Developing a Victorian Property

As I’ve mentioned before, it’s never an easy ride developing a property for profit. Developing a listed property is more difficult still and not to be recommended for the novice developer. That said, it’s almost always period properties that manage to keep their romantic appeal over the more modern ones.

The vast majority of period property purchasers are pleasantly surprised to find that period features have been retained and enhanced. It can be quite disappointing for viewers to a period property to discover that the interior has been cleared of features and looks like a new-build. Therefore, it’s important to remember that if a property is a period one, you must keep the internal and external features.

Victorian properties are probably the most common of all listed properties. This is because the Victorian era covered many years. It took over from the Georgian period and began in approximately 1840 and lasted until around 1900. It’s fairly easy to notice the crossover period between Georgian and Victorian, unsurprisingly Georgian architectural features blended gradually into Victorian. A specific feature of typical Georgian architecture is symmetrical and proportional windows of many small panes, where the height of the windows is exactly double that of the width. Victorian properties however have very tall and narrow windows of only one or two panes. Technology had moved on to facilitate larger panes of glass which allowed more natural light to enter the property.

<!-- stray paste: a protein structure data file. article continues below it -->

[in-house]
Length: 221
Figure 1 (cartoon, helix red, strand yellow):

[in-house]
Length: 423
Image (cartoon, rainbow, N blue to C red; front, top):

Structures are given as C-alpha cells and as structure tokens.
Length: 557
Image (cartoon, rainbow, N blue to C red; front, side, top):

At the small end of Victorian properties, there are the long rows of terraced houses. These are situated in almost every town and provide the novice developer with an ideal property to learn the ropes on. They tend not to vary too much in layout; the only differences are the orientation of the stairwell and which floor the bathroom is on. Victorian properties tend to be robustly designed and built but occasionally turn out to have no foundations. This means that a survey is highly recommended as it’s not unheard of to find subsidence to some degree in these properties. On a more optimistic note though, most of these houses that were built without foundations have now had the necessary work carried out to prevent catastrophic movement. Always make sure though…remember – caveat emptor.
Larger Victorian properties are often built in a ‘villa’ style. This means that they were built in a certain architectural style that the smaller terraced houses weren’t. This style can be shown in the ornate features that these properties have, such as intricate window mullions and projected porches. Much of this was influenced by the gothic revival period (1850-1880). These houses often had cellars and attic space for servant’s accommodation. Victorian houses tended to be either terraced or detached in towns and cities. Semi-detached Victorian properties are more likely to be found in rural areas as they were built for the workers on the large estates.